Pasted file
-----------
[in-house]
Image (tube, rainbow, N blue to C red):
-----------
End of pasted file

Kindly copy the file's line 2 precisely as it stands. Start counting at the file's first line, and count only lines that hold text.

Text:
Image (tube, rainbow, N blue to C red):